Does Baby Movement Slow Down Before Labor?

Is there decreased fetal movement before labor?

Pregnant Woman With Hand On Belly.
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Question: Does the baby slow down before labor starts?

Answer: From the moment that you begin to feel your baby move, called quickening, you begin to wonder if what you're feeling is right. Does your baby move enough? Does your baby move too much? How often should you feel it? What should the movements feel like? Kicks? Flips? Squirms?

Towards the end of pregnancy, some mothers will say that their babies don't move as much.

This is typically not true and can be a dangerous assumption. Babies do not have decreased fetal movements before labor.

The Quality of the Baby's Movements

The quality of your baby's movements will differ. No longer can he or she flip around readily, the uterus has become more cramped as baby fills out in preparation for a healthy birth. Your baby settles into a birth positions, 97% of the time that is head down or vertex. This leaves little room to move. So while your baby is still moving, you're feeling a different quality of the movements.

"My baby was so active in the beginning of my pregnancy that we used to joke that I was going to give birth to the next great soccer player. So when I started to feel him move less frequently I asked my friends if the baby slowed down before labor," recalls Hillary. "A few of them had similar memories but didn't know if it was a problem, just that it was fine for them.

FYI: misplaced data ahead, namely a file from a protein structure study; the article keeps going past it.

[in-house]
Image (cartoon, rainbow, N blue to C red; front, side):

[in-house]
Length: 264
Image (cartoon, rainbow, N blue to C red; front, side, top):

While I felt a bit silly asking my doctor about it after complaining about the near constant movement earlier in my pregnancy, they were really nice and explained it in detail. I felt so much better. I'm really glad I asked."

Talk to Your Doctor or Midwife for Help

It is normal to go from feeling big movements to feeling more squirms, jabs and tickles.

This is again, due to decreased space. To help you keep track of fetal movements, the fetal kick count helps. This enables you to report to your doctor or midwife if you notice that your baby truly isn't moving as much as he or she did before, this can be a problematic sign which might indicate the need for more testing, like a non-stress test (NST).

"Having a non-stress test helped alleviate my fears when I wasn't feeling my baby move as much as I had before," says Amanda. "I was able to see movements that I couldn't feel. While I didn't have any more non-stress tests, I was able to remember that there was stuff going on in her private little world that I didn't necessarily feel all the time."

"I didn't realize that I had an anterior placenta, which just means it was on the front of my uterus," says another mother. "It didn't complicate my pregnancy but made it very likely that I felt less movement through my whole pregnancy. My midwife taught me a few tricks to pay attention and get baby moving in a way that I could feel in order to feel more confident."

In the end, every baby moves differently, even in the same mother, all her babies will be different. So be sure to have a good idea of what to expect and a game plan for when things fall outside of normal.

You and Your Baby. American College of Obstetricians and Gynecologists. November 2007.

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